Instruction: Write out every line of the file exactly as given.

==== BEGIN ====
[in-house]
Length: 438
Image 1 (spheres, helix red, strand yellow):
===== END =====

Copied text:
[in-house]
Length: 438
Image 1 (spheres, helix red, strand yellow):